Tom Corrigan joins Globe staff

Tom Corrigan -
Tom Corrigan
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MARYSVILLE Meet the newest member of the Marysville Globes editorial staff, reporter Tom Corrigan.
A news veteran with nearly two decades of experience at community weekly newspapers, Corrigan is a recent transplant from the Cleveland area where he covered government, schools and people for 17 years.
Corrigan added a couple of years of graduate school to his bachelors degree in communications from Cleveland State University, studying English and creative writing, with thoughts of teaching.
In the end he found a better way to starve, joining the ranks of ink-stained writers in the newspaper business. At
The Globe he will cover city and county governments, as well as the Marysville and Lakewood school districts and other general assignment duties.
The payoffs are immense for the 44-year-old, who said he thrives on the variety of subjects and diversity of topics he gets to cover in the news business.
Youre doing different things everyday, Corrigan said.
His move to the Seattle area a couple of years ago came just days after his wedding; he exchanged vows on a Saturday and packed up the truck on Wednesday, since his wife has family in this area. While he remains a big Buckeyes fan, Corrigan admits that Puget Sound is much more beautiful than the industrial city where he was born and raised.
But the rust belt was ripe with interesting topics, including the start of several bio-tech companies with promising products. Once he interviewed a researcher who promised that if his products clinical trials were successful, he would be one the front page of the New York Times.
A year later, he was on the front page of the New York Times, Corrigan said. So it was nice to scoop the New York Times.
Once he got to sit in an operating theater and watch a new brain surgery technique; but he swears he didnt drop any Junior Mints during the procedure. It was a groundbreaking experiment to reduce the shaking palsy suffered by people with Parkinsons Disease. How did he ever get invited into the sterile work environment of a brain surgeon?
I guess they knew me, they trusted me, Corrigan shrugged, noting he had spent 15 years at the same paper and had built-up a reputation with his readers and sources.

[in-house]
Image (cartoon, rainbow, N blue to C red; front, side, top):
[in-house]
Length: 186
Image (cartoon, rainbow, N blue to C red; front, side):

He said he works hard to be fair and to include the essential information in every story he writes, but that he shies away from the controversial, inflammatory and confusing elements that many news organizations use to add sizzle to the story. Playing it straight is his game plan, he said.
Thats important because some of the small towns he covered had marathon meetings that would stretch into the wee hours of the morning, with clashing personalities obscuring the changes to ordinances and things that would actually affect the lives of his readers. Stick to the subject and get your facts straight has always been his M.O., he added.
Some of the politics in Cleveland were very interesting, Corrigan laughed.
As always, people are the constant thing that make his job interesting and the more interesting the people, the more interesting his job is. He recalled the tale of an Army Ranger who lost both of his legs in a parachuting accident, and convinced the Army to let him keep parachuting. It was more than a story, his tale was an inspiration and a pleasure to write about.
This guy is amazing, Corrigan said.
Editor Scott Frank said Corrigan brings years of experience and an avid interest in community journalism, with an easy, conversational tone to his prose.
In his spare time Corrigan likes to read and enjoys his aquariums, with many different fish. Right now he is trying to convert one of his freshwater tanks to salt, and its not going so well, he winced.
If you have any tales to tell Tom, please call him at the office at 360-659-1300 or email him at

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